Race Relations Act 1968
|Long title||An Act to make fresh provision with respect to discrimination on racial grounds, and to make provision with respect to relations between people of different racial origins.|
|Citation||1968 c. 71|
|Royal assent||25 October 1968|
|Repealed by||Race Relations Act 1976|
|Text of statute as originally enacted|
The Race Relations Act 1968 was an Act of the Parliament of the United Kingdom making it illegal to refuse housing, employment, or public services to a person on the grounds of colour, race, ethnic or national origins. It also created the Community Relations Commission to promote 'harmonious community relations'.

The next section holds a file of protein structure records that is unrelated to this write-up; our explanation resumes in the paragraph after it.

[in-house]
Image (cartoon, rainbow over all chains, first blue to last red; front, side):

The Act was criticised for poorly translating "new standards of behaviour" into an effective legal document. The bill which introduced the Act was the focus of one of Enoch Powell's speeches, latterly known as the Rivers of Blood speech.
- Short title as conferred by s. 29 of the Act
- "Research Paper: The Race Relations Amendment Bill" (PDF). The Parliament of the United Kingdom. 8 March 2000. Archived from the original (PDF) on 18 June 2009.
- Hepple, B.A. "Statutes: Race Relations Act 1968". Modern Law Review. Retrieved 11 March 2013.
- telegraph.co.uk: "Enoch Powell's 'Rivers of Blood' speech", 12 Dec 2007
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